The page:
In the index, I read “Hair, hallucinations, Hamlet;” and in the text I learn that Jack London eschewed hats, because he believed that they contributed to hair loss.  Hmm.  I think.  So what.  But I keep reading and discover that if and when his bare head caused elevator operators or train porters to mistake London for anything less than middle class man, he solved the problem by flattening the offender. He just decked people who he perceived to be disrespectful. Sinclair perhaps wanted me to understand that my head and hair needed freedom to grow, but I like learning that Jack London was so threatened by the opinions of others; that he was afraid of going bald; that he couldn’t contain himself.   I am more curious now about Jack London than I ever was before I learned about his problems with hair, and hats, and humans.  Maybe The Call of the Wild isn’t really about the Yukon, but a different kind of wilderness.  Joseph Campbell once wrote that a lot of what we want from religion is mystery, — a feeling that things can change; that our lives are not all mapped out — but that is not something that comes through expecting it.  Instead, we have to yield everything we have been programmed to do. We have to think for ourselves, open our eyes, drop our expectations, not be afraid.  Then, radiance comes.  Then, we can feel something with being controlled by it.  We can feel full with life.

So, let us turn back to the Book of Life in the Bible.  Some of the psalms that mention this Book are beautifully human, and don’t sound at all like judgment.  Instead, David complains a bit about what gets recorded.  “You tell of my wanderings, and you have collected my tears and put them in a bottle; should not they also be recorded in your book?”  Later, David seems to stop depicting the Lord as a kind of celestial fact checker, and instead finds understanding; a comforting presence that makes him feel fully known.  The image of holiness created in Psalm 139 reminds me of the page turner, with her intimate familiarity of the score, and of the pianist’s needs:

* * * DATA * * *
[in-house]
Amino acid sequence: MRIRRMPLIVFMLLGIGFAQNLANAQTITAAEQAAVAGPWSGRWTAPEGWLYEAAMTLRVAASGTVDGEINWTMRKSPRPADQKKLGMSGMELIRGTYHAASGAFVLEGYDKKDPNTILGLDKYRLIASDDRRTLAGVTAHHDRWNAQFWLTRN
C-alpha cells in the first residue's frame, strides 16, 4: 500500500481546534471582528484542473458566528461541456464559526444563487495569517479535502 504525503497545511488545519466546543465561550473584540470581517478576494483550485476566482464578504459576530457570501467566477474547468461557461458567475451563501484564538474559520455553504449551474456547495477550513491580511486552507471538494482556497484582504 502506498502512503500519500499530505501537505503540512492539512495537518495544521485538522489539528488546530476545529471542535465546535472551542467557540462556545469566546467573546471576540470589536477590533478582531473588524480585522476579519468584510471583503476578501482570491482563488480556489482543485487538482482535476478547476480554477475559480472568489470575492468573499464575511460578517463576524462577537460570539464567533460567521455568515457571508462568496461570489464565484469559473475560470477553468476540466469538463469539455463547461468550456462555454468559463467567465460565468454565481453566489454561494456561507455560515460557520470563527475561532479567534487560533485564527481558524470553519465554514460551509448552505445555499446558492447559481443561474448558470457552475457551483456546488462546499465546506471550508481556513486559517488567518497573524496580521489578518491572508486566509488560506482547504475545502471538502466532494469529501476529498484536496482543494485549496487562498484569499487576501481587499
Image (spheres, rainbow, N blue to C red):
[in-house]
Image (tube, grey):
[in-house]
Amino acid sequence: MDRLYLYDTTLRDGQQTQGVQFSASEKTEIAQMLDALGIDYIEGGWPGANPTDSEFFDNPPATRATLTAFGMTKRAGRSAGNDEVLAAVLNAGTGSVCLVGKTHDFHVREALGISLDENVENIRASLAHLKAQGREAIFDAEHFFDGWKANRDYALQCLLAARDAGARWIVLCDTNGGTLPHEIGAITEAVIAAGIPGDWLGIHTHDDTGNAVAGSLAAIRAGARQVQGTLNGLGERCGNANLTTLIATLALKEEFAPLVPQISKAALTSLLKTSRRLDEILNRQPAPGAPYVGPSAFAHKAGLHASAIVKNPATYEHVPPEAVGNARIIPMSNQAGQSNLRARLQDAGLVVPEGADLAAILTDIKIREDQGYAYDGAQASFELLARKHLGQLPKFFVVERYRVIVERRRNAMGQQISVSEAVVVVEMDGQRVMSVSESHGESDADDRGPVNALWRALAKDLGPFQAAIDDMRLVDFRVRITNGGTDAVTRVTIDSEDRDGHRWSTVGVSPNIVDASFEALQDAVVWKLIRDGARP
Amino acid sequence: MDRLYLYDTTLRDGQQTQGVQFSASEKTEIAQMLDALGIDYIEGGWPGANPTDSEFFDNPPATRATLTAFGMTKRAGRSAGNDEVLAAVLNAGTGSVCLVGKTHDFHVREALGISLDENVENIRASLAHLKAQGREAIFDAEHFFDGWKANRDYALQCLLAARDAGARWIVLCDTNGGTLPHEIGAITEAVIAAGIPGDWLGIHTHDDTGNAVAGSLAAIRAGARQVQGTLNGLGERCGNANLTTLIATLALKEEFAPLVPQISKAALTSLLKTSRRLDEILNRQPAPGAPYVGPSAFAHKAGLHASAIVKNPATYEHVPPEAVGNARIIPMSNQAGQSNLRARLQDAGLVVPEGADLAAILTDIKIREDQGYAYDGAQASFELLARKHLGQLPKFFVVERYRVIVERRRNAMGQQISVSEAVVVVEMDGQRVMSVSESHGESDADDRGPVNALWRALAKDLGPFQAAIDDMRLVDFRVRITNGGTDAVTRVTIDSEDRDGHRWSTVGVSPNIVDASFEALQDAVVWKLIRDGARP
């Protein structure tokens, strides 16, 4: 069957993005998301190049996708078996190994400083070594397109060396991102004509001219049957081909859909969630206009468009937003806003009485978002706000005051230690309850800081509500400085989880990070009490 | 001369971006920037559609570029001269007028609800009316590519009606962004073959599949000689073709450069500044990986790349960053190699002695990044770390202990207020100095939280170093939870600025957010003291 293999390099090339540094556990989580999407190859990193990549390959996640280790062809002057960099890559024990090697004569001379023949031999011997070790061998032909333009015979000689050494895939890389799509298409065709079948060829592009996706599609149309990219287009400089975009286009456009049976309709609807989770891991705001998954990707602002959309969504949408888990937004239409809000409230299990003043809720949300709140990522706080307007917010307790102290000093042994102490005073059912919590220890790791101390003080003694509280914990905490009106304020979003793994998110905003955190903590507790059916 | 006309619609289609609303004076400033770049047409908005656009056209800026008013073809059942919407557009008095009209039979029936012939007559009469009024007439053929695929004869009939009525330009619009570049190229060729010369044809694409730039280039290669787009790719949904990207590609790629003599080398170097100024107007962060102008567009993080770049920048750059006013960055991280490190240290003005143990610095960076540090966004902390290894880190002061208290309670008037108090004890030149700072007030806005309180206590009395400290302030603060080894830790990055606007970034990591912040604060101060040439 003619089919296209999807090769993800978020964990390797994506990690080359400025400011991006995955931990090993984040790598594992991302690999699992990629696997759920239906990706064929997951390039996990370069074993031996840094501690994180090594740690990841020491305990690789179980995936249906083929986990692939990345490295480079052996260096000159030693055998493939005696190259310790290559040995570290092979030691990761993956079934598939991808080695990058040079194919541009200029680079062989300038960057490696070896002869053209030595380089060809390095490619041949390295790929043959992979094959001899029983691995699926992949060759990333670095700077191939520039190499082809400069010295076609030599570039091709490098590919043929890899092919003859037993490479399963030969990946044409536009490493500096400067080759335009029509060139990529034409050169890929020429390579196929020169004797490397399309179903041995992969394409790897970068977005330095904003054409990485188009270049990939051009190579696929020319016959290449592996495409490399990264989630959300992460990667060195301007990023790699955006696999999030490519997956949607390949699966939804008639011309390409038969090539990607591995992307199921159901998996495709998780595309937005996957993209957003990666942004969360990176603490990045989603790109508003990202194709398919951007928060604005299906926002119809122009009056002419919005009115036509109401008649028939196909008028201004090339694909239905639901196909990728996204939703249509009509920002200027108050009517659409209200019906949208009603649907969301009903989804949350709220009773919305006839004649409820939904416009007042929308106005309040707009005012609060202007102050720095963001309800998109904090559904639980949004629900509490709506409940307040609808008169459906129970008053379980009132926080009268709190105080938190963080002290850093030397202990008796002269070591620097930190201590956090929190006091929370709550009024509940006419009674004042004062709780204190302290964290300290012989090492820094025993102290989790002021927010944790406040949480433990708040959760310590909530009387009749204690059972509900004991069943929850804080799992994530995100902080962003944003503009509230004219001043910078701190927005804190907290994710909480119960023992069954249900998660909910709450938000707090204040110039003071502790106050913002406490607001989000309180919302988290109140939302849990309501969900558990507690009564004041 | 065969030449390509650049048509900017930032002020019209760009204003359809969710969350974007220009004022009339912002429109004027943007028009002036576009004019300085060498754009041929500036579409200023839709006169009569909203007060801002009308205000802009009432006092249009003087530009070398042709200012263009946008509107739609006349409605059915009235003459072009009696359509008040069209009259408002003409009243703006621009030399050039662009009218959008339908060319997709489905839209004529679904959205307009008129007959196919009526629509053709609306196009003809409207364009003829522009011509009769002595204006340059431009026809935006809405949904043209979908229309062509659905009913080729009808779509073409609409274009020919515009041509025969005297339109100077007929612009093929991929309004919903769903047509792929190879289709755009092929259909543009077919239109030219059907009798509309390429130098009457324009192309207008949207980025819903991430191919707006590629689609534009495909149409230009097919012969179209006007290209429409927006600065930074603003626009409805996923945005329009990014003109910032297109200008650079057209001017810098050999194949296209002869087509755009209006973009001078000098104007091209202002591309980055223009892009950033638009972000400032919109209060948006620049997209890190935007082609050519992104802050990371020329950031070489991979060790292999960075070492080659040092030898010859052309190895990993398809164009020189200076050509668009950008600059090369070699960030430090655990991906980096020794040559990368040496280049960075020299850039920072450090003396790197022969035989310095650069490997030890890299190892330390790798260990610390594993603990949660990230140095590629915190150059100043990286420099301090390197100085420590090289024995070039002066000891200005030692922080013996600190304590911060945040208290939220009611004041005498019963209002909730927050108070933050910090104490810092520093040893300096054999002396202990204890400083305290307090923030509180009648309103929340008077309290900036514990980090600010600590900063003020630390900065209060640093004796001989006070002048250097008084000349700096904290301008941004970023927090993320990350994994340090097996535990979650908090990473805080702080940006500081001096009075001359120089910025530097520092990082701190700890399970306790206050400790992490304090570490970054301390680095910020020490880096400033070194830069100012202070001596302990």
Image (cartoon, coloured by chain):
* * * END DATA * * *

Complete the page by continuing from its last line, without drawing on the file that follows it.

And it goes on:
“thou has searched me and known me

aware of when I will sit down, and when I will rise

You understand my far-off thoughts

And are acquainted with all my ways….

You have possessed my reigns…

Your eyes have seen my substance, which is imperfect, but I have been written in your book.”

Suddenly, instead of seeing either the pianist, in the spot light, with his name on the concert ticket; or the silent woman dressed in black, sitting in the shadows, and existing only to make someone else look good, we have a wider frame. They are not in competition; they are not striving for approval or anything.  They are joined by the music, and in the music, and together they can bring everyone else in to hear it.  They make what is written come alive, fill the space, and the people.  There is nothing under the sun that legitimately belongs to only one person.